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Celebrating National Urban Biodiversity Week

Sunday marked the beginning of the first-ever National Urban Biodiversity Week, a seven-city collaboration to bring urban dwellers into contact with local flora and fauna, from fungi to salamanders to old growth forests. The week-long series boasts dozens of events including lectures, nature walks, art projects, and children’s programs, in New York, Los Angeles, Chicago, Philadelphia, Atlanta, Boston, and Seattle.

National Urban Biodiversity Week evolved from New York City Wildflower Week, a 10-day annual event now in its fifth year. The event is sponsored by Nature Block Party, a non-profit organization, in partnership with Project Noah, an interactive web and mobile application that enables users to track wildlife sightings, and the National Wildlife Federation, a grassroots conservation advocacy organization.

According to Marielle Anzelone, the event’s founder, the goals of National Urban Biodiversity Week are to:

  • Create an urban constituency for nature by connecting people through hands-on opportunities
  • Build a national conversation around urban biodiversity issues
  • Encourage new ways of thinking about urban environments

Creatures from gray squirrels to roosting red tailed hawks remind us that nature is everywhere (the Project Noah sightings for New York alone show species as diverse as great egrets in Prospect Park to osage-orange in Inwood Hill Park).  Events like those that comprise Urban Biodiversity Week highlight opportunities for ordinary citizens to protect urban wildlife; we can create and improve urban habitats in our parks and community gardens as well as street medians, roof gardens, and window planters.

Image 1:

Engaged urban constituents can also support large-scale habitat conservation and improvement. For example:

  • In response to community priorities, the current plan for the new downtown waterfront park in Seattle includes marine features to provide safe passage for salmon.
  • The volunteer-supported Native Plant Nurseries program sponsored by the Golden Gate National Parks Conservancy propagates approximately 270,000 native plants per year to aid restoration projects within the park, maintaining the quality and integrity of the Bay Area’s protected natural lands.
  • In recent years, private advocacy and fundraising has supported urban conservation land acquisitions across the country.  Last fall, The Trust for Public Land led efforts to conserve a 570 acre parcel 5 miles from downtown Albuquerque in partnership with the US Fish and Wildlife Service. The new Middle Rio Grande National Wildlife Refuge will protect critical habitat of the endangered southwestern willow flycatcher and provide new recreational opportunities for over one million local residents.

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